There are two main bridges in the first section of the third extension, and one long, tall one next to Mosquito Creek Canyon. Somewhere around this time our most excellent friend, Ian, became interested in the trail work and joined Andre in the construction of these bridges. Ian brings with him the impressive qualification of being a professional rigger, and together they masterfully constructed sturdy, artistic bridges that give the fairy-tale fell to the trail. Elves must be lurking just around the bend...

The first bridge, also known as "the Huck Finn" bridge. Note how it meanders around the trees above the canyon.
The on / off "ramp" to the Huck Finn bridge. Rocks line the edge of the etched-in path.
A Douglas squirrel on a Douglas fir eating a Douglas cone...
The second bridge, before completion (seriously strudy). This one crosses the creek that runs down alongside Bitches Brew and from this bridge you look down on the rickety bridge on the Lower Brew.
Mosquito Creek Canyon Area

Andre tied the Dreamweaver into an existing section of nearly-forgotten about trail (ancient logging track) just west of Executioner. Much work was needed on this stretch, and he and Ian were quite thankful for my 2003 birthday gift to Andre; a very small 'Stiehl' chainsaw.

To carve through this fallen log took more than just a few cuts!
Old growth cedars above Mosquito Creek Canyon. Notice how wide apart these giants are spaced and the crowded undergrowth competing for space.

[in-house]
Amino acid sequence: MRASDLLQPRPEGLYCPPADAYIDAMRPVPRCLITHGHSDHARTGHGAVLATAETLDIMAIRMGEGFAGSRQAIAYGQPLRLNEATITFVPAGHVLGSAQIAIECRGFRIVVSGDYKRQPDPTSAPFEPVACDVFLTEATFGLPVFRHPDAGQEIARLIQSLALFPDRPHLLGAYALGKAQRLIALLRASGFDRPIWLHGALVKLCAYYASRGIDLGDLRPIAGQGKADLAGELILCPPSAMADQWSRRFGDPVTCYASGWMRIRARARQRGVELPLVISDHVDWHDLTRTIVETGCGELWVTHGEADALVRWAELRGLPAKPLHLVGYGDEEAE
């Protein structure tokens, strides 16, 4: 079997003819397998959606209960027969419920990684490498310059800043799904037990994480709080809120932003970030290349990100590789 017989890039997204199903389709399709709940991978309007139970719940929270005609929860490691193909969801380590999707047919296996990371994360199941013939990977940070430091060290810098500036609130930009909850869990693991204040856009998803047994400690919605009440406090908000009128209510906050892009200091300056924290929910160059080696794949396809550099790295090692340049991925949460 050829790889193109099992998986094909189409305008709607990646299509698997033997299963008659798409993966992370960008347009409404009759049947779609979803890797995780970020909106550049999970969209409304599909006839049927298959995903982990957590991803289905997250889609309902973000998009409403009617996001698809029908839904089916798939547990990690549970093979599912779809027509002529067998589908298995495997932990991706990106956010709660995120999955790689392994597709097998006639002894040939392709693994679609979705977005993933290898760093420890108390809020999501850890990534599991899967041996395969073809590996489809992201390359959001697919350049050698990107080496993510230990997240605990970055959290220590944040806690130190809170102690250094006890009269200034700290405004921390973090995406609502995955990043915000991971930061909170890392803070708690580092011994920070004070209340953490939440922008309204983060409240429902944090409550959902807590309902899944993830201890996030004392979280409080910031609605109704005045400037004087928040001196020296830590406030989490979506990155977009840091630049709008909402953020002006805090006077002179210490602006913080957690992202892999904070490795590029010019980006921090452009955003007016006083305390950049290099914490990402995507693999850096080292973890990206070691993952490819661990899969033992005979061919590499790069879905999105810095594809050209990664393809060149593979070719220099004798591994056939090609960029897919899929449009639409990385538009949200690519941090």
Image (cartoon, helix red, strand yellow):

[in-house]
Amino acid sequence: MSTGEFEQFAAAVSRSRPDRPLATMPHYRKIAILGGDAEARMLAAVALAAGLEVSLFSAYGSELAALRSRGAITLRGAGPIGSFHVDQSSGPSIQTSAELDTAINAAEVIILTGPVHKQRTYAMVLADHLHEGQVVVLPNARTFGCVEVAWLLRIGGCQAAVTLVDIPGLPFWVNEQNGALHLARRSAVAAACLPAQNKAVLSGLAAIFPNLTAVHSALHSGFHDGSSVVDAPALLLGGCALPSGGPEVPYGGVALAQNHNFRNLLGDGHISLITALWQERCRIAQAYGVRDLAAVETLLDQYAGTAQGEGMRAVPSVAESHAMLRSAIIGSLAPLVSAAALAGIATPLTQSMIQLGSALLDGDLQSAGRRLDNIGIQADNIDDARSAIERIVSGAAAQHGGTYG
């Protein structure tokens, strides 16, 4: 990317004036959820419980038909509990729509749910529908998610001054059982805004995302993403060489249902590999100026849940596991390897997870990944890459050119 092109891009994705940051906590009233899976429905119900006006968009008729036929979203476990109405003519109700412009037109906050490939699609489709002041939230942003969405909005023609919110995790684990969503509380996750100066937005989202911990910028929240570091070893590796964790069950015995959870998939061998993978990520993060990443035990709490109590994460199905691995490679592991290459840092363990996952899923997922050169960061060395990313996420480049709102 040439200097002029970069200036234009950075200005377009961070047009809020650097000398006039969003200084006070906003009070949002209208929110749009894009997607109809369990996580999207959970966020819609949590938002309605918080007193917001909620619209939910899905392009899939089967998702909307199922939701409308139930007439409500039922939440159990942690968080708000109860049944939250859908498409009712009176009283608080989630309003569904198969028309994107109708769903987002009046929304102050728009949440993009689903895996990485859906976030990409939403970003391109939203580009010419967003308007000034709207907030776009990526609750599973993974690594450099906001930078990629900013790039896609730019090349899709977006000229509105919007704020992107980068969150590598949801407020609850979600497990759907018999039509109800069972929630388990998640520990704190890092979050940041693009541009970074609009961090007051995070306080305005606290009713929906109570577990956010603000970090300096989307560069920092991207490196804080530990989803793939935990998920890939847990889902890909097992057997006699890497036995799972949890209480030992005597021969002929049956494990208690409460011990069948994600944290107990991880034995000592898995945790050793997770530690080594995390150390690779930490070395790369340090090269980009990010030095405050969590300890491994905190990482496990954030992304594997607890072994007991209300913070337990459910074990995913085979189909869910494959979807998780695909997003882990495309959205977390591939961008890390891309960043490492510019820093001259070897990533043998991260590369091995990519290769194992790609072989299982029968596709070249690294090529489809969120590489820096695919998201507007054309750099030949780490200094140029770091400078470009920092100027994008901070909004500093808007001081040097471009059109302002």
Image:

The trailbuilder stands in "the gateway" to the canyon
The Infamous Cable Bridge

High above Mosquito Creek, a deep canyon slices through the forest. Too tricky to run a route down it and up the other side, Andre scouted for a chance log that may have falled across. With great forturne he not only found a log, but one with massive girth and stability. It stretches 70 feet across the gorge and is about 20 feet tall at its mid-point. Doesn't sound too high until you're standing on it!

Immensley proud of his find, together with Ian the two set about axing and grading a flat surface onto the rotund beast. Not an easy task, made only harder by the deep winter cold, sleet, snow and short days. Much of the work involved in fine-tuning this crossing was completed after dark and in the snow during January 2004.

Ian contributed a 100-foot long cable which was strung across, and anchored as a means of a railing for the crossing.

A tree-mendous (ha ha) fortress of roots met any traveller crossing the bridge at the opposite side, so a "re-direct" bridge over the last part of the canyon had to be constructed. The two photos below show the completed cable bridge and the re-direct bridge in construction.

Left: Spikes were driven into this tree for a re-direct cable to be anchored about 25 feet up to properly anchor the cable crossing.

Andre phoned me from Ian's cell while swaying in the branches of this tree - at 7:30 on  a January evening in the wind and heavy sleet!

Right: A giant looms in the spring sunshine.

Ian prepares pickets for the re-direct bridge (off-ramp) of the main cable crossing.
Etched into the hard slope, the Dreamweaver makes its way into Mosquito Creek Canyon
Visitors! Gord and Angie make their way through the jungle above Mosquito Creek
Mosquito Creek lies far below...
Come back soon for more updates as the Dreamweaver weaves its way west of Mosquito Creek through stunning old growth among trees with a girth of up to 30 feet!